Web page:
As artistic director of Lexington Ballet, Luis Dominguez is on fire, his passions burning not just for ballet but for the company and dancers he is charged with leading through the troubled waters of a difficult economy.
Like most arts organizations, the dance troupe has had financial struggles. It has a lot of debt, a restructured board and a lot of sleepless nights ahead, Dominguez says.
"We're looking for a hero," he adds. "We need a champion to be our advocate, to believe in what we are doing in the community."
It's the perfect time to stage The Firebird, Igor Stravinsky's groundbreaking 1910 ballet. In the story, Prince Ivan captures the magical Firebird, who becomes his companion and helper. When the prince falls in love with a beautiful princess, he angers Kashchei, the dark lord of the magical kingdom. With the help of the heroic Firebird, Ivan is able to defeat the evil king and marries his beloved.
The magical creature becomes, in essence, the prince's savior in fighting off forces determined to take him down.
Dominguez and his dancers look tired but determined when they talk about the trials of keeping the company afloat.
Lauren Tenney, who will dance the title role, relates the life of a dancer: "We are in the studio by 9. We rehearse for five or six hours, and then we have just enough time to grab a bite to eat and rush to our second jobs."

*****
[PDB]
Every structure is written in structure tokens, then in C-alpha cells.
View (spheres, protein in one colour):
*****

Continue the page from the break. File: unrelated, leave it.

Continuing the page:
The days are long and hard.
"We are professional athletes and artists," says Evan Pitts, who dances the role of Prince Ivan.
Watching him prepare for the pas de deux with Tenney drives the point home. As they dance, the rehearsal studio is filled with the grunts, squeaking shoes and gasps for air that one might expect to hear in the gym during a hard basketball practice, but the observer is hard-pressed to identify which of the faces is the source of all that effort.
"We have to work hard and be beautiful. Our job is to make it look easy," Tenney says, "so people think it is. It's not."
The obstacles can be frustrating, but the company's frustration melts away when the conversation turns to Stravinsky's strange and powerful ballet.
The Russian-American composer's music has been challenging audiences' ears and dancers' hearts for more than a century. Tenney relishes the difficulties the unconventional music presents.
"The accents aren't regular," she says. "The phrases, ... you can't count the steps. You have to feel the music. It is much stronger than traditional ballet music."
Dominguez agrees: "The rhythm is always changing. The dancers have to stay alert and aware. They have to watch one another."
Another challenge is that the piece is relatively short. The Firebird lasts only about 45 minutes. By ballet standards, that isn't very long to tell a story.
"It's not much time to make a statement," says Tenney.
And what is the statement the company is making?
"Beauty," Dominguez says. "The dance connects everything a man or a woman can be. It makes you sublime."
He quotes his mentor, Geoffrey Holder, the legendary choreographer for Dance Theatre of Harlem: "You must dance as if you are going to save someone's life. You will never meet that person, but the dance must be that important to you."
Robert Parks Johnson is a Lexington writer.